We see in the first reading the tragic consequences of not seeing ourselves as members of the same Body. Paul and Barnabas have come to Antioch to spread the Good News about Jesus. The week before they had spoken at length about him in the local synagogue. Now, one week later, they return to continue their preaching. They must have made quite an impression in their previous talk, because we are told that “almost the whole city gathered” to listen to them this time. However, “When the Jews saw the crowds, they were filled with jealousy and with violent abuse contradicted what Paul said.”

They were “filled with jealousy.” Where does jealousy come from? We are jealous when we feel that someone else is receiving something that we should have instead. In this case no doubt the Jews in question feel that they should be getting the attention which the crowd is paying to Paul and Barnabas. Their primary concern is with their own status in the community. They want to be the ones who are heard. They want the whole city to gather and pay attention to what they have to say. Since they cannot have this, they resort to violently opposing Paul and Barnabas, and eventually succeed in driving these two out of their city.

What a tragic result! Paul and Barnabas have come to give them the word of life, a great gift from God, an invitation to know God and to become part of his Body in a way beyond anything they have ever imagined. But because they will not die to their own self-importance, and they refuse to humble themselves enough to consider that God might be speaking to them through these “outsiders,” they miss out on a very great grace. Indeed, as Paul tells them, if they persist in this way they will “condemn [themselves] as unworthy of eternal life.”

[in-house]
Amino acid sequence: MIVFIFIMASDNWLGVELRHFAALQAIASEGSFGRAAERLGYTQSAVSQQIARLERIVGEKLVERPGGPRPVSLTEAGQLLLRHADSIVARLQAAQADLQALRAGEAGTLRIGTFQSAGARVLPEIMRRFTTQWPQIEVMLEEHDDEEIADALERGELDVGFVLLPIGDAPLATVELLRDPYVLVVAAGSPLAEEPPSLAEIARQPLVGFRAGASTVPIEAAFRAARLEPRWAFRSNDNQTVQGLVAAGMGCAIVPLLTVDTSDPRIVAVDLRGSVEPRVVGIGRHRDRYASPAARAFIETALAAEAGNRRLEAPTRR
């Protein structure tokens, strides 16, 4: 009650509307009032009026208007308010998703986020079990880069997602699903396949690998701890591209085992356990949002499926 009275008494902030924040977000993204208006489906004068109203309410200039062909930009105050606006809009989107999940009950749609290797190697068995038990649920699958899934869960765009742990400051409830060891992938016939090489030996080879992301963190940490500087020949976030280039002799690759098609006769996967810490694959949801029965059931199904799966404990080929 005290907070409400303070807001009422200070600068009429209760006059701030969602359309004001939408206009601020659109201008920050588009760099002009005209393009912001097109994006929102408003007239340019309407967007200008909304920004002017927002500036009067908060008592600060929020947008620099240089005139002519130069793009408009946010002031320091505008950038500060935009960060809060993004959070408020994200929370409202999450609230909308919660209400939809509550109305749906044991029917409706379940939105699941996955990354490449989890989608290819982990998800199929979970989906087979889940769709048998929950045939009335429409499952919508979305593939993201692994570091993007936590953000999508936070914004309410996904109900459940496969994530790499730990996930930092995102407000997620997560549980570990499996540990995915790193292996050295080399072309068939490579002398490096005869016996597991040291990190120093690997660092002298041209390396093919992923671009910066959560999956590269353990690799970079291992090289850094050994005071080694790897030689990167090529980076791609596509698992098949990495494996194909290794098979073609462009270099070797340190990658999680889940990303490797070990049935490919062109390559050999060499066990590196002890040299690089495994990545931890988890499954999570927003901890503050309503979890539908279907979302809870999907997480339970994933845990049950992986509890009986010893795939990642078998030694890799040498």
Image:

The eternal life they risk losing is what we glimpse in the reading from the Book of Revelation. Everyone in the great multitude of Heaven is united in love, not seeking any advantage for self but only looking to love and serve God and one another. There is no place in that blessed assembly for jealousy, self-centeredness, pride, or self-glorification. Anyone who refuses to love excludes himself from the company of the saints in glory.

These readings are prompting us, then, to examine our own hearts and see if we harbor any jealousy, any pride, any self-centeredness which renders us less able to function as part of the one Body of Christ. Let us humbly ask the Lord to remove these sins from our hearts and grant us the grace to follow his way of self-sacrificing love more closely.

In what ways do I fail to hear the voice of the Good Shepherd because of my self-importance? When and why have I been jealous of someone? When have I failed to be a good shepherd to someone God has placed in my life?

Excerpt from The Anawim Way, Volume 18, no. 4. More information about The Anawim Way may be found here.